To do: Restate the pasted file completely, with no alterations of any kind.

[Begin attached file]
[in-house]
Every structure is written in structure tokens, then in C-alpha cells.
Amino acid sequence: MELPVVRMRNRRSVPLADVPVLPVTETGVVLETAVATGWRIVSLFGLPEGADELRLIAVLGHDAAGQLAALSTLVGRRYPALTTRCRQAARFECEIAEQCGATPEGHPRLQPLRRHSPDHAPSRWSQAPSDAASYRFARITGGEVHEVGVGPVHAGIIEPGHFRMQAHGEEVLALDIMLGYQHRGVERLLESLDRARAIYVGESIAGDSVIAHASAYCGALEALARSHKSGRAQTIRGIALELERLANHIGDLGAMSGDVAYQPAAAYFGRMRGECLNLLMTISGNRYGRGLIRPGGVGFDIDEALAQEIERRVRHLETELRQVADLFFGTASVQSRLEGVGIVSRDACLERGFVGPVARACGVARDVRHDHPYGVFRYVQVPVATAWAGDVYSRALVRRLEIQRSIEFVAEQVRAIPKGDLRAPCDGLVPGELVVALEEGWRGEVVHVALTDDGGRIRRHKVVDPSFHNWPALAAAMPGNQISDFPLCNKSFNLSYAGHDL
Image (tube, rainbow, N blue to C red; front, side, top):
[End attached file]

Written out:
[in-house]
Every structure is written in structure tokens, then in C-alpha cells.
Amino acid sequence: MELPVVRMRNRRSVPLADVPVLPVTETGVVLETAVATGWRIVSLFGLPEGADELRLIAVLGHDAAGQLAALSTLVGRRYPALTTRCRQAARFECEIAEQCGATPEGHPRLQPLRRHSPDHAPSRWSQAPSDAASYRFARITGGEVHEVGVGPVHAGIIEPGHFRMQAHGEEVLALDIMLGYQHRGVERLLESLDRARAIYVGESIAGDSVIAHASAYCGALEALARSHKSGRAQTIRGIALELERLANHIGDLGAMSGDVAYQPAAAYFGRMRGECLNLLMTISGNRYGRGLIRPGGVGFDIDEALAQEIERRVRHLETELRQVADLFFGTASVQSRLEGVGIVSRDACLERGFVGPVARACGVARDVRHDHPYGVFRYVQVPVATAWAGDVYSRALVRRLEIQRSIEFVAEQVRAIPKGDLRAPCDGLVPGELVVALEEGWRGEVVHVALTDDGGRIRRHKVVDPSFHNWPALAAAMPGNQISDFPLCNKSFNLSYAGHDL
Image (tube, rainbow, N blue to C red; front, side, top):